FCC Stymies Broadband in U.S.
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The Federal Communications Commission (FCC) wants to put the deployment of high-speed Internet services in the hands of a relatively select number of companies, a report Monday shows, and in the end it's the consumers who lose.
Those are the findings of "The Role of ISPs in the Growth of the Commercial Internet," conducted by Mark Cooper, research director for the Consumer Federation of America.
"All you have to do is look at the rising prices during a recession, both with the cable and telephone companies," Cooper said. "The high prices just subsidize their operations. The DNA of these two industries have no gene for competition in them."
The report comes on the heels of a Monday announcement by a new organization, BroadNet Alliance, which wants the "marketplace to pick winners and losers, not a regulatory agency."
An FCC ruling set forth in February, many say, which labeled ISPs an "information service with a telecommunications component," opened the door to new line-sharing and cable competition rulings later in the year.
As a result, many local and regional digital subscriber line (DSL) providers are going out of business, while cable is exempted from even opening its network up to the competition.
"Look at Texas; 60 days ago there were three DSL providers in my area," said David Robertson, president of San Antonio-based ISP Stic.net and vice president of the Texas ISP Association. "Since then, two of them have gone out of business."
According to the report, in 1997 there were close to 8,000 ISPs nationwide, a number that's declined since then to somewhere around 7,200.
Dane Jasper, president of the California ISP Association, said the shutdowns are happening around the country and something the FCC wholly endorses.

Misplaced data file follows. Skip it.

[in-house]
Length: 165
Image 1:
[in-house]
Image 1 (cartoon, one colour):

"We're looking at a future where there's only a handful of companies providing broadband," he said. "Do we trust competition, or do we trust a couple of companies?"
Jasper said its obvious which choice the FCC has made, even with a history that proves competition has only spurred lower prices and better customer service. He points to the long distance industry, which the FCC deregulated, as an example. After deregulation, prices dropped and customer support improved.
DSL and cable, on the other hand, serve 95 percent of the broadband world, but only five percent control the service. In the short span of a couple years, he said, prices have increased by 25 percent.
The report shows the FCC need look no further than the ISP industry itself to show the affects of competition on services. The reports indicated there are 15 ISPs for every 100,000 dial-up customers. In broadband, there are five. In the dial-up community, telephone carriers are only five percent of the competition.
The problem with the FCC, the new report shows, is its chairman's insistence that inter-nodal competition -- DSL vs. cable vs. wireless -- is the best method to spur broadband growth.
Michael Powell and the FCC have proposed and implemented several key rulings to support their belief in inter-nodal competition, rulings that have the backing of the Bush Administration, and rewrite the conditions put in place by the Telecom Act of 1996.
Cooper said that thinking has no bearing on the technological barriers DSL, cable and wireless each gace. DSL doesn't handle video-on-demand well, cable's shared network architecture makes it unsuitable for enterprise networks, and satellite service in rural areas (where neither DSL or cable have plans on entering) is still spotty.
"The technologies just don't overlap well," he said. "So while the FCC might think there will be competing broadband services in one area, there's really only a couple choices."
George W. Bush, talking at the White House 21st Century High Tech Forum in Washington, D.C., told business leaders to look to the FCC for his administration's broadband policy.
"I'm confident that the chairman and the board is focusing on policies that will bring high- speed Internet service, will create competition, will keep the consumers in mind," Bush said.